14. A study published by the US National Library of Medicine by the Institute of Toxicology and Pharmacology, from the Department of General Surgery in Germany determined that cannabinoids inhibit cancer cell invasion. Effects were confirmed in primary tumour cells from a lung cancer patient. Overall, data indicated that cannabinoids decrease cancer cell invasiveness.
15. A study published by the US National Library of Medicine, conducted by Harvard Medical School investigated the role of cannabinoid receptors in lung cancer cells. They determined its effectiveness and suggested that it should be used for treatment against lung cancer cells.
16. A study published in the US National Library of Medicine, conducted by the California Pacific Medical Centre determined that cannabidiol (CBD) inhibits human breast cancer cell proliferation and invasion. They also demonstrated that CBD significantly reduces tumour mass.
17. A study published in The Journal of Pharmacology and Experimental Therapeutics determined that THC as well as cannabidiol dramatically reduced breast cancer cell growth. They confirmed the potency and effectiveness of these compounds.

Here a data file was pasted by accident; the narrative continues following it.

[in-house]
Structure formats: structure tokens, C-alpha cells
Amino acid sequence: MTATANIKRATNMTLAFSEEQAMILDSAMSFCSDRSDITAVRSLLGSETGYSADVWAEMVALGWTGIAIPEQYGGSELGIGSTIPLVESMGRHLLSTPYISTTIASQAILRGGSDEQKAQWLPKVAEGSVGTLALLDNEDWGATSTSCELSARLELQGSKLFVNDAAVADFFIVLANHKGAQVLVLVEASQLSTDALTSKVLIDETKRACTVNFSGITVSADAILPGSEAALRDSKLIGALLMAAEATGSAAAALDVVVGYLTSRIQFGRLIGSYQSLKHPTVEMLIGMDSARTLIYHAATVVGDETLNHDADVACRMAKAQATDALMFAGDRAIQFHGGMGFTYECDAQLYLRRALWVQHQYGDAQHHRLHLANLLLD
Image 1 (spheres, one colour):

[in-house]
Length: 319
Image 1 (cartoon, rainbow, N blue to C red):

18. A study published in the Journal Molecular Cancer showed that THC reduced tumour growth and tumour numbers. They determined that cannabinoids inhibit cancer cell proliferation, induce cancer cell apoptosis and impair tumour angiogenesis (all good things). This study provides strong evidence for the use of cannabinoid based therapies for the management of breast cancer.
19. A study published in the Proceedings of the National Academy of Sciences of the United States of America (PNAS) determined that cannabinoids inhibit human breast cancer cell proliferation.
20. A study published by the US National Library of Medicine results show cannabinoids are potent inhibitors of cellular respiration and are toxic to highly malignant oral Tumours.